Like many people dealing with chronic pain, I am frustrated by the lack information available to me through medical avenues and have opted to conduct a great deal of independent research in order to better understand my condition.
Here is (in alphabetical order) my take on some of the chronic pain and migraine-related texts I’ve come across so far.
Thoughts? What are chronic-pain related things are you reading/watching? Please leave rants, raves, and links to your own reviews in the comments section below.
This 2005 memoir from Paula Kamen is (unfortunately) still totally relevant. She takes us on her journey, moment to moment, sharing all the medical, emotional, and logistical details with brazen honesty and hilarity. As the title suggests, the quest is indeed epic, as is the case for most of us seeking adequate treatment for chronic head pain. Throughout, I experienced a mixture of catharsis, empathy, solidarity, and generally a feeling of being less alone. Kamen also includes a healthy dose of gentle advice and useful medical information, with a side dish of spot-on feminist analysis. This is a must read for any woman on a similar quest.
The film “Cake” has stirred a fair amount of excitement and frustration in chronic pain communities. Like many, I was thrilled about the existence of a Hollywood film depicting someone’s experience with chronic pain and equally nervous about misrepresentation. After watching the film, my hopes and fears remain.
I was more than a little impressed with Aniston’s performance. Makeup-less, often housebound, and donning only comfy outfits, her movements are slow, restricted, and visibly painful. As the first depiction of chronic pain I have seen on screen, I was unprepared for how emotional I became seeing this physical experience reflected back at me.
Although at first we don’t realize the extent of her loss, we know that she is grieving and adjusting to a new way of life with pain, but doing it terribly. Her destructive behaviour might be a realistic response (the grieving process is necessary, unavoidable, and different for everyone), but frames her pain and loss in a cringe-worthy way: her maybe warranted, but shitty attitude is implied to be the barrier to progress. In other words if she truly wants to get better, she can.
I have no doubt that attitude can have a strong effect on our perception of pain, and that hope, mindfulness, meditation, visualization and the like are powerful tools, but the stigma against chronic pain patients who are supposedly wallowing, helpless, negative, “drug seekers” who exacerbate their own circumstances is a narrative I’ve already heard plenty of, thank you. How about a story that reflects how strong, resilient, and badass we spoonies are in the face of daily, depressing, and life-transforming pain? Or how so many of us have given up on pain meds for the most part due to intolerable side effects? Or how pain can and often does persist alongside hope, determination, and “positive thinking”?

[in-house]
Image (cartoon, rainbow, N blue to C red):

Lastly, Claire is a privileged white lady with a live-in housekeeper and caregiver, not to mention a big fancy house and car. In reality, many people with chronic pain struggle financially having had to give up careers and shell out endless dough for treatments. This story would look very different framed with the economic circumstances of your average person with chronic pain.
While I’m grateful for this film, I hope the next blockbuster featuring chronic pain (and there better be a next one) works harder to dispel rather than reinforce lazy stereotypes.
Despite dripping in medical language that mostly went right over my head, I got a lot out of this book. It is helpful especially in understanding the physiological difference between acute and chronic types of pain, as well as the incredible complexities and failures of western medicine’s attempts to treat the latter.
Melzack and Wall refrain from any blatant patient-blaming, which is just wonderful (especially since this was first published in 1982!).
I suspect medical-sciency types will appreciate The Challenge of Pain more than the average chronic pain fighter, but with some patience there’s stuff in there for us too.
How to be Sick by Toni Bernhard is the closest thing I’ve found to a comprehensive self-help book for people with chronic pain, especially those who are largely housebound. With little prior knowledge of buddhist philosophy, I have been able to successfully adopt many of Bernhard’s strategies in some of my most difficult, most painful, most isolating moments.
My criticism has mostly to do with the fact that this book speaks to a particular experience of chronic pain: one that is privileged in that Bernhard has substantial financial, spiritual, and emotional support to buoy her along. I do not say this to make light of her experiences, nor to suggest that she doesn’t have something to offer diverse groups of people living with chronic pain; I only mean to suggest that the book is more a philosophical exploration of living with chronic pain when many supports are already in place, rather than a practical guide of how to seek necessary basic supports.